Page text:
PROVO, Utah If the first group of Brigham Young University students that attended classes at what is now the George H. Brimhall Building returned for a reunion, they might dash for the exits in confusion.
Much has changed since the building on the southwest corner of campus opened its door in 1919. Back then, the structure housed vocational courses in auto mechanics, woodwork, even blacksmithing. Today, it is a refurbished, seismically-sound hub for communication. Where once students mastered the workings of the Model-T engine, today's tech-savvy counterparts learn the nuances of mass communication.
The newly renovated George H. Brimhall Building was rededicated Aug. 11 by Elder John H. Groberg of the Presidency of the Seventy and a descendant of President Brimhall. Following a two-year major reconstruction, the venerable building will now house the school's communication department while doubling as headquarters for the Daily Universe student newspaper and KBYU television. The Brimhall Building was originally dedicated in 1935 by President Heber J. Grant.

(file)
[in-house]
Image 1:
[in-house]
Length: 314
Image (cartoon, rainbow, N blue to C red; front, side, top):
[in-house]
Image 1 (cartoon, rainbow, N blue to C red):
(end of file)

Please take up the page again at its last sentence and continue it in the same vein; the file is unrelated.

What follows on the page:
In remarks preceding his re-dedicatory prayer, Elder Groberg said the man for whom the building was named lived a life driven by four characteristics: loyalty, great faith, ability and vision.
President Brimhall who served as BYU's president from 1904-1921 was loyal to his Church, his family and Church leaders, Elder Groberg said.
"President Brimhall often spoke to students about Church loyalty," he said. "He felt devotion to the Church should be in their inclination."
Such loyalty, Elder Groberg added, was rooted in President Brimhall's faith in God, Jesus Christ, the restored Church and the Book of Mormon.
The young university was blessed to be led by a faithful man of great ability. "President Brimhall chose to be a teacher, and he wanted to be a good teacher." Elder Groberg said that President Brimhall looked to Christ as the perfect example of a teacher.
The future of BYU was "a driving force in (President Brimhall's) life," Elder Groberg said.
Despite serving at a time when the value of higher education was often questioned, President Brimhall remained certain the Church-owned school would succeed. His ambition for BYU was of a place where teachers would go forth and make a difference in the world. He recognized the balance that could be enjoyed on campus between religion and science.
BYU's current leader, President Cecil O. Samuelson of the Seventy, also offered comments. The evolving uses of the Brimhall Building is a microcosm of the development and significant changes happening at the school. The rededicated building stands as a monument to President Brimhall's academic commitment.
President Brimhall was "a beneficiary of inspiration as he led this school," President Samuelson said.
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